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Expand chart
Adapted from an article by Santer et al. in Science, 20 July 2018; Map: Axios Visuals

Human activities are altering Earth's seasons in a way that is creating a greater contrast between summer and winter in much of North America, Europe and Eurasia, a new study finds.

Why it's important: The research, published Thursday in the journal Science, is the first to find a human "fingerprint" on the seasonal cycle of temperatures, adding another global trend that is formally attributed to human emissions of greenhouse gases.

Other trends already pinned on human activities include an increasing amount of heat held in the world's oceans, the sharp decline in Arctic sea ice cover, and changes in the water cycle that are leading to heavier downpours as well as severe drought events.

Based on computer models and basic physics, scientists had an idea of how temperatures in the troposphere — the layer of air extending from near Earth's surface to about 35,000 feet and where most weather occurs — should be varying from one season to the next as the world warms overall. The new study put these model simulations — with and without increased greenhouse gas emissions — to the test against observations.

How they did it: Researchers from Lawrence Livermore National Laboratory, Remote Sensing Systems, MIT and other institutions combined 38 years of satellite observations of the troposphere and computer model data.

  • They asked: How much do summer temperature changes differ from wintertime trends?
  • They then looked at the pattern of temperature changes and performed different tests using model simulations and statistics to determine if natural variability could explain their findings.

What they found: The researchers found that human emissions of greenhouse gases have altered the seasonal cycle around the world, as measured in the troposphere, but with ramifications for conditions at the surface.

"There’s compelling evidence from this work that human activities are now changing the seasonal cycle of temperature and that’s something that we really care about because the difference between summer and winter affects a lot of our lives."
— Benjamin Santer, study author from Lawrence Livermore National Laboratory

Specifically, summer is warming faster than winter in the northern and southern midlatitudes, leading to a greater contrast between the hottest and coldest times of year.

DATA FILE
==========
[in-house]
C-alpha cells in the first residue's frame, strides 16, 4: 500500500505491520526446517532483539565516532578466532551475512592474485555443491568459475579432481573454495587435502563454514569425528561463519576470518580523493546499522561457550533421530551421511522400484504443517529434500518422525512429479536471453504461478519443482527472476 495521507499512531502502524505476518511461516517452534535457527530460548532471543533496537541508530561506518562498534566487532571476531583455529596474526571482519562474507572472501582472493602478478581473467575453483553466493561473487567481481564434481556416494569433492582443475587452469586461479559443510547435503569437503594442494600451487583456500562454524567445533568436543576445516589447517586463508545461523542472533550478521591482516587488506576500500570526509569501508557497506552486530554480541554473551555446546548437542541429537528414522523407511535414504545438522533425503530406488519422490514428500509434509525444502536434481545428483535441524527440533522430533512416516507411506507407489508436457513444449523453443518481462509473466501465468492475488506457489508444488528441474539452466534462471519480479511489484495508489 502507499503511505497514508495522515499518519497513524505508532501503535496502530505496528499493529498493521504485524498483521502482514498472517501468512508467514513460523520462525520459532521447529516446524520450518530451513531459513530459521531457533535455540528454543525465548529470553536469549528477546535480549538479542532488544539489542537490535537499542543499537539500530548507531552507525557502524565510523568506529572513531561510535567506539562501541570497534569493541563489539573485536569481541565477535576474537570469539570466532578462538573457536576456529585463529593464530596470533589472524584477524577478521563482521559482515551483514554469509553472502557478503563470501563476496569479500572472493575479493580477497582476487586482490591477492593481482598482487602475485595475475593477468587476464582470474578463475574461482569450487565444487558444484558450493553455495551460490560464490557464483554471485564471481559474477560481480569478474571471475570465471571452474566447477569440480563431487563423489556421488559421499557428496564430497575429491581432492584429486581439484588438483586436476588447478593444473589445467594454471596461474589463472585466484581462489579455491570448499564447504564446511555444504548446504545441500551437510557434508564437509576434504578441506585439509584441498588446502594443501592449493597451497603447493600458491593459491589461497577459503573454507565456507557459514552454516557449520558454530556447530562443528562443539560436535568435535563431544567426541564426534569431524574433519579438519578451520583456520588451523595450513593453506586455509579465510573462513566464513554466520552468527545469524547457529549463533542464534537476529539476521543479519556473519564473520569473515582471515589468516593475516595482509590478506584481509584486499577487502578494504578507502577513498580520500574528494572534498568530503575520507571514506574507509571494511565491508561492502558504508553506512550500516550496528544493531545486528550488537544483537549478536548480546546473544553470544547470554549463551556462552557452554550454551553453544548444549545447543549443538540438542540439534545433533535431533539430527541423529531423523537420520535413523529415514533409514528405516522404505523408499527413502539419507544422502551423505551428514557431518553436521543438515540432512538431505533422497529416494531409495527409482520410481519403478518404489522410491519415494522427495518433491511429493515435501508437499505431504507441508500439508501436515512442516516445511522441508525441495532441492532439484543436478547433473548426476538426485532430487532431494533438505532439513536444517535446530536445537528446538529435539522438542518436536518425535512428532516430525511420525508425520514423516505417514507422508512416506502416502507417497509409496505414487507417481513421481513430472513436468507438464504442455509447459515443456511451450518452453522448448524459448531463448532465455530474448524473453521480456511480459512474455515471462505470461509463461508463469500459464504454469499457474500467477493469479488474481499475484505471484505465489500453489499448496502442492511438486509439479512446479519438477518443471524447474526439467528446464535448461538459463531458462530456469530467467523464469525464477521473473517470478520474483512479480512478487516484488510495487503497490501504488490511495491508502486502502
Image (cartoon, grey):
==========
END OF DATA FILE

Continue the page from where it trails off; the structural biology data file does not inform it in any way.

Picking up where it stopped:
• One exception to this is at the highest latitudes, where the difference is actually decreasing, which is related to the loss of Arctic sea ice in the far north, and ozone depletion above Antarctica.
  • Interestingly, the findings run counter to surface temperature trends in northern midlatitudes, which show that winters are warming faster than summers, which is a discrepancy that has yet to be fully explained.
  • The study found that it's extremely unlikely the trends detected are from natural climate variability. For annual mean mid-to-upper tropospheric temperatures, the odds are roughly "5 in 1 million" of getting the annual mean signal-to-noise ratios due solely to natural variability, the study states.

What they're saying: Scientists who were not involved in the new study told Axios that its findings are both credible and consequential.

"It’s one thing to know that human intervention is causing the annual-average temperature in their location to change.  It’s another, and even more sobering thing to know that human intervention is also impacting the swing in their local temperature from summer to winter," said John Fyfe, a senior research scientist at the Canadian Center for Climate Modelling and Analysis, via email.

What's next: According to Bill Randell, a scientist at the National Center for Atmospheric Research, future studies will likely identify more trends from satellite data as the period of record lengthens. How the tropospheric changes are reflected at the surface "will likely be a topic of follow-on research," he said.

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From Malcolm X to "Free Britney," new media shapes the justice system

Illustration: Shoshana Gordon/Axios

True crime documentaries, podcasts and social media campaigns are bringing new attention to real-world legal proceedings — and are often affecting the outcome.

Why it matters: New media platforms can instantly put a national spotlight on cases that have long been forgotten or buried under red tape.

Updated 17 hours ago - Health

The next big bottleneck in the global vaccination effort

Illustration: Rae Cook/Axios

The world still needs more coronavirus vaccines, but an additional bottleneck has emerged in many low-income countries: They need help getting shots in arms.

Why it matters: Increasing vaccination rates across the world is both a humanitarian necessity and the best way to prevent dangerous new variants from emerging, but it increasingly requires complex problem-solving.

Updated 17 hours ago - Health

COVID-19 Omicron variant cases identified in Europe, U.K.

People wearing masks walk in London on Nov. 25. Photo: Li Ying/Xinhua via Getty Images

Health officials in the United Kingdom, Italy and Germany announced on Saturday that they've detected the first known cases of the new COVID-19 Omicron variant.

Why it matters: The discoveries come as the world scrambles to respond to concerns over the new variant, discovered in South Africa earlier this week.

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